THE ALL-NEW DIARIES; Alastair Campbell's diaries have the quality of Pepys ...people will be looking for insights and finding them in 100 years' time. Lord Alex CarlileLaunched to a blaze of critical acclaim, Alastair Campbell's explosive diaries became an instant classic. Now, this eagerly anticipated new volume picks up where its predecessor left off, with Campbell standing down as Tony Blair's director of communications in 2003. Leaving Downing Street, however, isn't as easy as it seems, with Campbell persistently drawn back to the epicentre of power - often to the frustration of his partner, Fiona.As Lord Hutton prepares to publish his report, thus sparking a huge crisis for the BBC, any joy in No. 10 is dwarfed by continuing difficulties in Iraq. Meanwhile, the Blair/Brown relationship is fracturing almost beyond repair, and Campbell is tasked with devising a plan that will enable the two men to fight a united election campaign. At home, Campbell writes frankly of his continuing battles with mental health issues as he attempts to adapt to a new life beyond the confines of Westminster.Lifting the lid on the power battles at the heart of the Labour Party that sowed the seeds of today's turmoil, Outside, Inside is a vivid and compelling insight into modern political history, and a candid reflection on the personal impact of life in the corridors of power.
The Sunday Times no. 1 bestseller. How people succeed - and how you can, too. Alastair Campbell knows all about winning. As Tony Blair's chief spokesman and strategist he helped guide the Labour Party to victory in three successive general elections, and he's fascinated by what it takes to win. How do sports stars excel, entrepreneurs thrive, or individuals achieve their ambition? Is their ability to win innate? Or is the winning mindset something we can all develop? Drawing on the wisdom of an astonishing array of talented people - from elite athletes to top managers, from rulers of countries to rulers of global business empires - Alastair Campbell uses his forensic skills, as well as his own experience of politics and sport, to get to the heart of success. He examines how winners tick. He considers how they build great teams. He analyses how they deal with unexpected setbacks and new challenges. He judges what the very different worlds of politics, business and sport can learn from one another. And he sets out a blueprint for winning that we can all follow.
How people succeed - and how you can, too. Alastair Campbell knows all about winning. As Tony Blair's chief spokesman and strategist he helped guide the Labour Party to victory in three successive general elections, and he's fascinated by what it takes to win. How do sports stars excel, entrepreneurs thrive, or individuals achieve their ambition? Is their ability to win innate? Or is the winning mindset something we can all develop? Drawing on the wisdom of an astonishing array of talented people - from elite athletes to top managers, from rulers of countries to rulers of global business empires - Alastair Campbell uses his forensic skills, as well as his own experience of politics and sport, to get to the heart of success. He examines how winners tick. He considers how they build great teams. He analyses how they deal with unexpected setbacks and new challenges. He judges what the very different worlds of politics, business and sport can learn from one another. And he sets out a blueprint for winning that we can all follow.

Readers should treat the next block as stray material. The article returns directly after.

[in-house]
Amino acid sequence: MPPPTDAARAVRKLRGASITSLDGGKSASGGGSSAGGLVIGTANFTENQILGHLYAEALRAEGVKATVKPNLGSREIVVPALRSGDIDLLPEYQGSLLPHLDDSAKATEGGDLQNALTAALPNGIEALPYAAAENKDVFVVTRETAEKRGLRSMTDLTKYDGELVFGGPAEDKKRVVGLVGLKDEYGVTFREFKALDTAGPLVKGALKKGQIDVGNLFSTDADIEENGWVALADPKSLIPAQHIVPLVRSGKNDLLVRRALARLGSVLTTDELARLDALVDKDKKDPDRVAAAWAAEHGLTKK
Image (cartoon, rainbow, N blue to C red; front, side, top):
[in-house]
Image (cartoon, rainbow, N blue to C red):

Typography is the most ubiquitous of the graphic arts, with all of us now having access to innumerable fonts and the typographic tools that can, in the right hands, lift any text from the mundane to the beautiful. Opening with an overview of the history of the art, Typography Pocket Essentials introduces the key principles and techniques of typography, and presents 200 of the most useful and important fonts, making it a handy primer and essential reference guide all rolled into one.
She likes a drink. Everyone has a problem. Hannah is seventeen. A drink makes her feel better. For a bit. But then she feels worse and the pain inside comes back. This is the story of Hannah's addiction as seen by the people around her - her mum, her little sister, her best friend, her best friend's mother, her mum's boyfriend... Powerful and passionate, their voices shed a sometimes shocking, sometimes tender light on a life veering terrifyingly off course. `Campbell has taken the vilified, sprawling, drunken youths caricatured in tabloid headlines and, in one young girl, showed us the damaged human beings beneath.' The Times `This superb book is sad, terrifying and uplifting in equal measure. Every parent, every young man or woman and anyone who likes a drink should read it.' Anne Robinson
The five volumes of journalist and political analyst Alastair Campbell's diaries were a publishing sensation. As British Prime Minister Tony Blair's right-hand man, Campbell played a critical role in every aspect of New Labour strategy. Charting the course of British government from July 1994 to august 2003, Campbell's relentlessly honest, often controversial, occasionally brutal and always razor-sharp commentary has drawn critical acclaim around the world. This one-volume edition focuses on Ireland and the Northern Irish peace process. From the high of the Good Friday agreement and devolution in Northern Ireland to the deadly lows of the Manchester and Omagh bombings, The Irish Diaries explores the tensions, all-night talks, adrenalin-fuelled negotiations and heady personality clashes that are such an intrinsic part of democratic politics. Newly annotated and fully revised by the author with fresh linking commentary, featuring commissioned material by key figures in the Irish peace process, former Taoiseach Bertie Ahern, Tony Blair and Alastair Campbell himself, The Irish Diaries provides an invaluable historical record for future generations, both in Ireland and beyond.